Checking oil and tyres
These are two fundamentals you should check before embarking on any journey.
This often feels like too obvious a thing to mention, but making sure they're okay will save you money, and could save your life, too.
First, look in your handbook and see what pressure your tyres should be with family and luggage on board (it will be higher than usual to cope with the extra weight).
When you're checking the pressures, it's best not to rely on the gauges attached to pumps at a petrol station - they've been slung around by many a motorist and aren't necessarily reliable.
Instead, spend a few quid on a gauge from an accessories shop and use that to check that you've topped up the tyres up to their recommended pressure.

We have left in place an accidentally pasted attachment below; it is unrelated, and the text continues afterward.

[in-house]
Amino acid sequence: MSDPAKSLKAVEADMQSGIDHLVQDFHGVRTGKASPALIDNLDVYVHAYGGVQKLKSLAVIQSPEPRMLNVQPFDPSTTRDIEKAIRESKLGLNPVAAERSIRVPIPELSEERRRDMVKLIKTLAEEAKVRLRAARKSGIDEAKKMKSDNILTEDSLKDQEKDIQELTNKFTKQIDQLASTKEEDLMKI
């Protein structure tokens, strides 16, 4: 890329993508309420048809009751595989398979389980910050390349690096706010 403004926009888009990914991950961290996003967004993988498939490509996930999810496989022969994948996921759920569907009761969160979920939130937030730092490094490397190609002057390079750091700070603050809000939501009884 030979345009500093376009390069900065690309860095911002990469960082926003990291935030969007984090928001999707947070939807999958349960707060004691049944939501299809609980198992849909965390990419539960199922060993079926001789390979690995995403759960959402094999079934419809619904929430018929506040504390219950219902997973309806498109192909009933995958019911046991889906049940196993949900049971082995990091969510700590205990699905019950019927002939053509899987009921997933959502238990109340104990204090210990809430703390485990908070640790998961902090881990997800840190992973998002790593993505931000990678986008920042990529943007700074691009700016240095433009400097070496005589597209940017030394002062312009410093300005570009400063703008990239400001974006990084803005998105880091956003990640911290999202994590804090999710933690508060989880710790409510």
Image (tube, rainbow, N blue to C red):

While you're at it, get a tread depth indicator as well.
The legal minimum is 1.6mm across two thirds of the width of the tyre, but we'd highly recommend replacing any tyre that's getting on for having only 3mm of tread left.
Remember to replace your tyres in pairs or in fours.
Your car needs oil to lubricate the engine, removing all of the nasty bits such as metal fragments and keeping it running smoothly.
Remember to check your oil level when the car's cold - not after it's been running and the engine is hot.
Park on level ground, get a couple of bits of tissue and pull out your dipstick (if you don't know where this is, look in your handbook). Wipe the dipstick clean, reinsert it and pull it out again to get an accurate reading.
Then, if necessary, top the oil up, but be careful not to overfill it as this can cause damage to some expensive components such as catalytic converters.
Also, ensure you use the right 'weight' (viscosity) of oil for you car (5W/30, for instance). Details will be in your handbook, but you can also check online with many car or oil manufacturers to find out which you should be using.